There are many competing definitions of Intelligence:
"The ability to use memory,...experience,...reasoning,...in order to solve problems and adapt to new situations."
"The ability to learn,...and make judgments...based on reason."
"Intelligence is a very general mental capability that, among other things, involves the ability to reason, plan, solve problems,...learn quickly, and learn from experience."
"The ability to learn facts and skills and apply them."
"...ability to adapt effectively to the environment, either by making a change in oneself or by changing the environment or finding a new one...a combination of many mental processes..."
"...the general mental ability involved in calculating, reasoning, perceiving relationships and analogies, learning quickly, storing and retrieving information,...classifying, generalizing, and adjusting to new situations."
"Sensation, perception, association, memory,...discrimination,...and reasoning."
"...the process of acquiring, storing in memory, retrieving, combining, comparing..."
"...a cluster of cognitive abilities..."
"Any system...that generates adaptive behaviour..."
"...getting better over time."
"...effectively perceiving,...and responding to the environment."
"The ability to be able to correctly see similarities and differences and recognize things that are identical."
My Asa H 2.0 (and some other AI experiments) meets all of these criteria and is intelligent. The question then is, how intelligent is it.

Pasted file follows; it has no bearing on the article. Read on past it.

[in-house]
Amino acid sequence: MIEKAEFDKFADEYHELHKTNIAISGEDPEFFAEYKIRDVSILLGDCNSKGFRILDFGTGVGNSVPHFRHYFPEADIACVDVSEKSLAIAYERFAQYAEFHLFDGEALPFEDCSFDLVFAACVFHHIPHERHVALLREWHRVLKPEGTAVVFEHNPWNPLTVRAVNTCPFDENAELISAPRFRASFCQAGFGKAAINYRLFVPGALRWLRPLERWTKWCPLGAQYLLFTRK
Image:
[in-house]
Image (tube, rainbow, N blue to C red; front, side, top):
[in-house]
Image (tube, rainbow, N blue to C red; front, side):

Humans and AIs don't occupy the same niche. They don't eat the same foods, reproduce in the same way, occupy the same habitat. etc. So asking which is "more intelligent" or "superior" is going to be an approximation at best. Different people have different levels of intelligence and there are different sorts of intelligence as well so we should be quite happy to have an AI even if it is not as smart as the very smartest human. It can still be useful. But for those people who seem to be satisfied only with "human equivalent" AIs I can't help but note that:
performs control tasks better than humans
has more short term memory than humans
has more reliable memory than humans
can have more senses than humans
can multiply by diskcopying
can (via telepresence) be in many places at once
AIs have been able to:
handle statistics and probability better than humans can
operate with more consistency than humans
can remotely maneuver helicopters better than human pilots
can create patentable inventions (i.e., Koza's GAs)
can prove math theorems humans have not been able to solve (i.e., the Robbins problem)
can evaluate loan applications and predict student success better than humans can
can plan/schedule transportation problems faster than humans can
can solve arithmetic/accounting problems faster and more accurately than humans
On the other hand:
Humans currently have a richer set of emotions than AIs do.
Humans are better at natural language than AIs are (though an AI is better at jeopardy than humans are).